The paper published in Revista Brasileira de Política Internacional (Vol. 63, n.1) is entitled “Exploring Brazilian Foreign Policy towards Women: Dimensions, Outcomes, Actors and Influences” and discusses the routes of […]
The paper published in Revista Brasileira de Política Internacional (Vol. 63, n.1) is entitled “Exploring Brazilian Foreign Policy towards Women: Dimensions, Outcomes, Actors and Influences” and discusses the routes of the women-focused policies in Brazil since the first Worker’s Party government (2003) in the dimensions of diplomacy, cooperation, and security. Mónica gave an interview about her research to Rhaíssa Pagot, member of the Interdisciplinary Nucleus of Studies on Women and Gender of the Federal University of Rio Grande do Sul.
The Presidency of the Republic’s Secretariat of Policies for Women had a huge autonomy since its creation until 2015 when the government changed its status. What did Brazil lose in the last years concerning women’s rights in the domestic and international scenarios?
More than its change of status, which occurred still during President Rousseff’s term of office, what really affected SPM (now Secretaria Nacional de Políticas para as Mulheres, SNPM) was the replacement of the femocrats who were in charge since its inception by a conservative, non-feminist team soon after Rousseff’s demise. Even if the fight against violence against women continues to be an important issue of SNPM’s both domestic and external agendas, the defense of the traditional, essentialist gender roles made by the present head of the Ministry of Citizenship, Women and Human Rights (“girls in pink, boys in blue”), to which the Secretary is now adjoined, shows a complete lack of understanding of how gender hierarchies relate to feminicide. Thus, I don’t believe we’ll witness any significant advance in this regard in the coming years. Brazil has also abdicated the progressive leadership on women and gender issues at the international stage it had for about 25 years.
The Brazilian Agency for Cooperation played an important role in South-South development cooperation focused on women. At the same time, the agency did not begin any cooperation project by itself, and sometimes its cooperation partners (donors) unduly took the initiative in some important projects. Was this pattern of lack of proactivity mainly due to the absence of gender-mainstreaming guidelines for South-South cooperation and to the dispersion of projects among the Agency’s various sectors, like you mention, or was there some other reason?
Brazilian South-South development cooperation is demand-driven, meaning that a project cannot be devised before a Southern partner makes a specific demand. That’s the theory, but in practice, donors in trilateral projects have had, on some occasions, almost all the initiative. Surely, with gender-mainstreaming guidelines and some common overseeing of the projects addressed to women, ABC would be more in control than now is the case. In August 2018, it established a working group to discuss gender and race guidelines, but any outcome of its work has been made public so far. I don’t even know if it is still functioning. But what is really lacking (and this is also highlighted in the article) is a civil society constituency able to make demands and monitor development cooperation as a whole and, specifically, cooperation projects related to gender and women. The Brazilian model, which marginalizes NGOs, makes it very difficult the emergence of such a constituency.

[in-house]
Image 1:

The Brazilian efforts concerning the Nation Action Plan (NAP) on the Women, Peace and Security agenda were very limited even during the Worker’s Party governments (2003-2016). Has an opportunity been missed? Is there some initiative to launch the second version of the NAP?
The Brazilian NAP, which began to be discussed in October 2015 and was launched in March 2017, has no legal status (it has not been approved, even discussed, by the legislative), and it lacks funding. Also, although NAPs have the potential to deal with domestic security issues as well as with foreign policy, it was entirely conceived as a foreign policy instrument to be applied on peace missions. Those are its frailties, but I don’t think much more could be achieved without feminist domestic input. The Brazilian NAP was the product of external pressures and inter-agency cooperation led by MRE. Feminist organizations did not participate and SPM had a more than marginal role on it. In March 2019, the NAP was renewed for four more years. Its content was unchanged, but MRE defined for itself a set of voluntary goals and targets. It’s a small step forward, but it shows that there are critical actors at MRE willing to advance the WPS agenda even at difficult times.
Read the article
Salomón, Mónica. (2020). Exploring Brazilian foreign policy towards women: dimensions, outcomes, actors and influences. Revista Brasileira de Política Internacional, 63(1), e001. Epub March 09, 2020.https://doi.org/10.1590/0034-7329202000101
About the authors
Mónica Salomón, Universidade Federal de Santa Catarina, Departamento de Economia e Relações Internacionais, Florianópolis, Brazil
Rhaíssa Pagot, Interdisciplinary Nucleus of Studies on Women and Gender of the Federal University of Rio Grande do Sul
How to cite this interview
Cite this article as: Editoria, "Exploring Brazilian Foreign Policy towards Women: Dimensions, Outcomes, Actors and Influences – an interview with Mónica Salomón, by Rhaíssa Pagot," in Revista Mundorama, 31/03/2020, https://mundorama.net/?p=26935.